The United States Senate approved the necessary legislation on November 9, 1997, and the House of Representatives did the same on November 13.[5] On December 1 President Bill Clinton signed the 50 States Commemorative Coin Program Act, which became Public Law 105–124.[6] Section four of the act, which is entitled "United States $1 Coin Act of 1997", provided for a new dollar coin to be struck, stating in part: "The dollar coin shall be golden in color, have a distinctive edge, have tactile and visual features that make the denomination of the coin readily discernible".[6] The act also gave authority to the Secretary of the Treasury to resume production of the Susan B. Anthony dollar to fill the demand for dollar coins until production could begin on the newly designed golden dollar.[6] In total, more than 41 million Susan B. Anthony dollars were struck bearing the date 1999.[4]

Design history

Subject selection

Delaware Representative Michael Castle, who preferred the more popular Statue of Liberty design to the Sacagawea for the dollar coin.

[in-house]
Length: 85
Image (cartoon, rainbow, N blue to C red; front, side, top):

Though the United States $1 Coin Act of 1997 required a change in composition and edge, it did not dictate what was to appear on the coin.[6] To determine this, Treasury Secretary Robert Rubin appointed a nine-member Dollar Coin Design Advisory Committee. Rubin, who had the authority to select the coin's design as Secretary of the Treasury,[7] specified that the coin should depict a representation of one or more women and could not depict a living person.[8] The committee was chaired by Philip N. Diehl, a role that did not include a vote on the designs.[9] They met in Philadelphia in June 1998, listening to seventeen concepts submitted by members of the public, and reviewing many more suggestions received by telephone, mail and email.[9] On June 9, 1998, the committee recommended Sacagawea, the Shoshone guide of the Lewis and Clark Expedition, for the design of the new coin.[9] Despite the committee's choice of Sacagawea, Castle advocated that the Statue of Liberty be depicted, as per his earlier legislation.[7] In a letter to the House of Representatives, Castle explained his objection, stating that the "goal in creating a new dollar coin is to make it more distinctive with a popular design that would encourage its wider use by the public."[7] Between November 18 and 22, 1998, the General Accounting Office conducted a poll on behalf of Castle.[10] The object of the poll was to determine which design the public would find more desirable.[10] In total, 65 percent preferred the Statue of Liberty, 27 percent preferred Sacagawea, two percent believed that either was acceptable, three percent said neither was acceptable, and an additional three percent had no opinion.[10] Despite Castle's objection, Sacagawea was ultimately chosen as the subject of the coin.